This competition is consistent with the automotive maintenance and light repair task list outlined in guidelines published by the National Institute for Automotive Service Excellence (ASE) and the ASE Education foundation. Competitors demonstrate their ability to perform jobs and/or skills selected from the contest standards.

In this event, students compete as individuals. This competition is ONLY open to Secondary students (High School).

Automotive Refinishing Technology

Competitors demonstrate the ability to perform skills based on the task list outlined by the National Institute for Automotive Excellence (ASE) and the National Automotive Technicians Education Foundation (NATEF). The competition includes a series of workstations to assess skills in surface preparation, spray gun operation, paint mixing, matching and applying, solving paint application problems, determining finish defects with an understanding of causes and cures, masking, and utilizing safety precautions. Competitors may also complete an interview and an ASE written exam.

In this event, students compete as individuals.

Automotive Service Technology (College / Post-Secondary Only)

This competition is consistent with the automobile technician task list outlined in guidelines published by the National Institute for Automotive Service Excellence (ASE) and the ASE Education Foundation. Competitors demonstrate their ability to perform jobs and/or skills selected from the contest standards.

In this event, students compete as individuals. This competition is ONLY open to Post-Secondary students (College).

Aviation Maintenance Technology

Competitors perform tasks that represent the types of maintenance they will be exposed to in the aircraft industry. The competition scope is consistent with the general, airframe, and powerplant maintenance technician certification guide published by the Federal Aviation Administration.

In this event, students compete individually.

Baking and Pastry Arts

Competitors are challenged to meet production and quality standards expected by industry. Competitors demonstrate their knowledge and skill through scaling, mixing, preparing and baking up to eight products. The products include breads, rolls, cookies, and assorted pastries. The student must demonstrate their cake decorating skills and work efficiently to produce quality products in a job-like setting.

In this event, students compete as individuals. 

Barbering

This competition is defined by industry standards as identified by the barbering technical committee and the National Barbering Association. The competition is divided into four separate skill performance tasks including haircutting, hair styling, hair color, beard design and coloring. Creativity is assessed in the creative cut and beard design, while haircutting is evaluated in the recreation of men's haircuts from a photograph or other provided material. 

In this event, students compete as individuals. Competitors must provide their own student models.

Basic Health Care Skills (High School only)

Competitors demonstrate their knowledge and ability to perform entry-level procedures or skills based on the following list of core standards: academic foundations, communication skills, career opportunity concepts and systems, employability and teamworking, ethical and legal issues, and safety practices. Performance will be evaluated through various stations involving skills testing and both written and verbal assessments.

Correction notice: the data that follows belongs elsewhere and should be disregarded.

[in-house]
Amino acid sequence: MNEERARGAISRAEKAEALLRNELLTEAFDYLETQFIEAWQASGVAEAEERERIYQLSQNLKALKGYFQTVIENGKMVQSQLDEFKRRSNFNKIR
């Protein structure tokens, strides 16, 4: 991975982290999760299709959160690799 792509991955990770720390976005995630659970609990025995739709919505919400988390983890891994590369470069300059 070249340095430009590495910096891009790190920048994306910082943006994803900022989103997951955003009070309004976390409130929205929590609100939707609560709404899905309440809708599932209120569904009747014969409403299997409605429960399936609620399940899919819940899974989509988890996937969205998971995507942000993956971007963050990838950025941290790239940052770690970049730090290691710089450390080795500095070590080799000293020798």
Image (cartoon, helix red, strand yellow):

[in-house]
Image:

In this event, students compete individually. This competition is for High School students only.

Biotechnology Knowledge Bowl (High School only) - (STATE ONLY)

Competitors work on a team of 4 students and will be tested on their collective knowledge within the biotechnology field. Teams will be judged on accuracy of answering questions in categories including molecular and cell biology, microbiology, data analysis, biomanufacturing, instrumentations use, regulatory affairs, bioethics, employability skills, safety practices, biotechnology current events, communication and teamwork.

In this event, students compete as a team of 4. This competition is for High School students only.

Building Maintenance

Competitors demonstrate competencies related to the building maintenance trade. These areas may include, but are not limited to, carpet care, office and restroom cleaning, floor care and liquid measurement. 

 

Contestants compete individually in this event. This competition is only open to students classified under the provisions of Public Law 105-17, Individuals with Disabilities Education Act, 1997.

Chapter Display
Cabinetmaking

Competitors build a small cabinet or piece of furniture from the supplied materials and draws or model. Competitors are expected to read drawing or use a model, lay out, create a cut list, and cut the parts using a variety of tools including, but not limited to, the following: table saw, miter saw, drill, hinge boring machine, and various hand tools. The parts must be accurately assembled, sanded, and adjusted to tolerances specified by the judges.

In this event, students compete individually.

Career Pathways Showcase (6 separate competitions based on career) 

Students use their course of study as the basis of a project that will benefit their class, school, community or industry. The project must highlight an aspect of their career cluster training. Upon completion of the project, the students will develop a display and use it within the community to explain their training and project. This competition will judge mastery of their training, its application, the project's benefit to their community , and display and presentation techniques.